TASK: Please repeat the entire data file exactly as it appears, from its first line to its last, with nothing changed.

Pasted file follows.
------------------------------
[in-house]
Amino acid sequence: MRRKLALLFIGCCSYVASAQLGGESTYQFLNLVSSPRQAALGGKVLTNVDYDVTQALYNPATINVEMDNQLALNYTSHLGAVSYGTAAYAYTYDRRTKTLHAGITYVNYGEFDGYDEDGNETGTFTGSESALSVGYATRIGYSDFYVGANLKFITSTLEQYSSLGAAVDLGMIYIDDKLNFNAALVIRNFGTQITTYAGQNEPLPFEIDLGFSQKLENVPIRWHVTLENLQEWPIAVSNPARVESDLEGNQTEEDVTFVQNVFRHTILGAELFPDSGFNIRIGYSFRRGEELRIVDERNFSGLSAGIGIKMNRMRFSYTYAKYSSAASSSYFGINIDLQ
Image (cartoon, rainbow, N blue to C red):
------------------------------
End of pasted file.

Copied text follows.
[in-house]
Amino acid sequence: MRRKLALLFIGCCSYVASAQLGGESTYQFLNLVSSPRQAALGGKVLTNVDYDVTQALYNPATINVEMDNQLALNYTSHLGAVSYGTAAYAYTYDRRTKTLHAGITYVNYGEFDGYDEDGNETGTFTGSESALSVGYATRIGYSDFYVGANLKFITSTLEQYSSLGAAVDLGMIYIDDKLNFNAALVIRNFGTQITTYAGQNEPLPFEIDLGFSQKLENVPIRWHVTLENLQEWPIAVSNPARVESDLEGNQTEEDVTFVQNVFRHTILGAELFPDSGFNIRIGYSFRRGEELRIVDERNFSGLSAGIGIKMNRMRFSYTYAKYSSAASSSYFGINIDLQ
Image (cartoon, rainbow, N blue to C red):